The next stage of plans to build 1,100 homes at a former British Sugar site in York is underway.
Planning documents submitted this month show an Environmental Impact Assessment (EIA) Scoping Report will be undertaken to support the application.
This will identify any potential social impacts and health risks of the development, as well as gauge public opinion.
According to developers Rapleys, the project is the “redevelopment of a redundant sugar beet refining and processing site comprising 98 acres to create a new sustainable community of 1,100 new homes, community uses and open space.
“The site forms part of the largest regeneration project in York.”
The huge development already has full planning permission but is now making the next steps in the construction of the homes.
As well as houses, the development is also required to “provide new social infrastructure, which meets the needs of future residents of ST1, and where viable, surrounding communities, including local retail, health, community space, educational facilities, and sports provision.”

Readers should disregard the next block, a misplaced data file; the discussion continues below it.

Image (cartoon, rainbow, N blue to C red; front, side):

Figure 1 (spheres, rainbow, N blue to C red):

British Sugar has worked with the City of York Council since the closure of the former refinery in 2007 to progress its sustainable redevelopment for residential-led mixed uses.
It announced the closure in 2006 which affected 102 permanent staff and a further 40 who work during the winter harvesting season, according to the Guardian.
The plans to finally replace the site may ease the issue of expensive housing in York, something that has been widely documented.
In June York Central MP Rachael Maskell said in Parliament: “York has a significant housing supply challenge.
“Along with a low-income economy, the cost of housing is exceptionally high.
“A single person can afford just 5.6 per cent of properties, but finding those properties is a real challenge.
“Last year, the cost of properties in York rose by 23.1 per cent—the highest rise anywhere in the country.
“That costs our economy and families.
“The challenges are not abating.”
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